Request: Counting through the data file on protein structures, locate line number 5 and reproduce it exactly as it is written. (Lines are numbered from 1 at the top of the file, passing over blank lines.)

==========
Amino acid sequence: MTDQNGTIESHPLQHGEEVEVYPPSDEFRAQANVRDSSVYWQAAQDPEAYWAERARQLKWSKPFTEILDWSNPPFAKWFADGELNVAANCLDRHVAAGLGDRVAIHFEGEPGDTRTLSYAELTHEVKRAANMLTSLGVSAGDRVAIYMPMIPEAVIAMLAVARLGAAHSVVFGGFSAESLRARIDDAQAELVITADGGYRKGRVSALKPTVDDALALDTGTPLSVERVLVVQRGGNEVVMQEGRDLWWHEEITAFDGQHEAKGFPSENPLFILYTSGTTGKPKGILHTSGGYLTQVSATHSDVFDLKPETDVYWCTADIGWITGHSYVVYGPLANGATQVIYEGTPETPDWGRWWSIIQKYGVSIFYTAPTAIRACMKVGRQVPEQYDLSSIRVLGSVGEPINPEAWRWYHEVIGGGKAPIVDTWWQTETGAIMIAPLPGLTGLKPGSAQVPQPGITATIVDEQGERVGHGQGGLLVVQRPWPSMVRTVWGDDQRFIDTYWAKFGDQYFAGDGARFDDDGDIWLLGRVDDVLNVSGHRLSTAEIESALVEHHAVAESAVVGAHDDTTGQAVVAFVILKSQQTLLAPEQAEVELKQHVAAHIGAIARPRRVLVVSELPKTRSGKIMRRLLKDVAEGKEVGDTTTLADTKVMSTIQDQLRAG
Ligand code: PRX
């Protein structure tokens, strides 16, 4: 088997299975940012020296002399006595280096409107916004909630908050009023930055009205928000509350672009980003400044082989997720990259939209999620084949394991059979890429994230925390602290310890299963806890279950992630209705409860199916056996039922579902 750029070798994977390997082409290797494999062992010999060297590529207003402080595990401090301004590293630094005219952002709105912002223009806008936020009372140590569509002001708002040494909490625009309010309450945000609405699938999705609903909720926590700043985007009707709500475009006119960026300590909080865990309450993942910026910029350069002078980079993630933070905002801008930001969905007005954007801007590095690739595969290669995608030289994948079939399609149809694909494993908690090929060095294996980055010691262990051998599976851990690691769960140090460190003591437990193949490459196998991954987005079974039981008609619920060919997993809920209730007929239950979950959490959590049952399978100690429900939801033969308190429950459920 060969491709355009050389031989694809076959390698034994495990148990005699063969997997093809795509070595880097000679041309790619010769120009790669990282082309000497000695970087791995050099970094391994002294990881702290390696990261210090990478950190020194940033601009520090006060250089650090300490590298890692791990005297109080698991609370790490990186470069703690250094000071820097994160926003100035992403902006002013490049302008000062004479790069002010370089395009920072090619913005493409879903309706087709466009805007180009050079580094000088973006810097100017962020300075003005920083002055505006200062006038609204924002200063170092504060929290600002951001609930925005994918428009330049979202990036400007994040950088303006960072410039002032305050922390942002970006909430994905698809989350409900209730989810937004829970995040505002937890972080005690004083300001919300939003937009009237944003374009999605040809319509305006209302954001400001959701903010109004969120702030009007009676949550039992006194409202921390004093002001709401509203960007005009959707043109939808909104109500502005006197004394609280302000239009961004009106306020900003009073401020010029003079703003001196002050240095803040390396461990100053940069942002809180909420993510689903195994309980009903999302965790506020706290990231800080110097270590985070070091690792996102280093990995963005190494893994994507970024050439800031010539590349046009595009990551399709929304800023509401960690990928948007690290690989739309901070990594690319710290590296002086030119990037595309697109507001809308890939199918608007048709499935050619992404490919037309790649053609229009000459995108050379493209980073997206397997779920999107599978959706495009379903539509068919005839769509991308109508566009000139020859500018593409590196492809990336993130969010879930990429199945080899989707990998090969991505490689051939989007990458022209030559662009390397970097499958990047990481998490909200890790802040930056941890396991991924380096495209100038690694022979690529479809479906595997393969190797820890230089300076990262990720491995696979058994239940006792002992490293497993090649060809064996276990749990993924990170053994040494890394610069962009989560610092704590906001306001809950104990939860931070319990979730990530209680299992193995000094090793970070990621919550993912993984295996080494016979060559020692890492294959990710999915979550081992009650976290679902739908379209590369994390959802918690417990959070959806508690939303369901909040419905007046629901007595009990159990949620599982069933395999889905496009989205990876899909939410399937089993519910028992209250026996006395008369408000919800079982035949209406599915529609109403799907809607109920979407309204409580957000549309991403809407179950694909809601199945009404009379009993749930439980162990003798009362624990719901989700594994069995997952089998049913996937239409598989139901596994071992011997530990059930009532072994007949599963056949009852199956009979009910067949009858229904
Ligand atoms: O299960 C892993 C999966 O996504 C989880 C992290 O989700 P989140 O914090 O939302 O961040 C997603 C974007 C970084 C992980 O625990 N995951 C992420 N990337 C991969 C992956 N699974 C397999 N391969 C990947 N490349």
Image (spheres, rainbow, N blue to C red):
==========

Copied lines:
Image (spheres, rainbow, N blue to C red):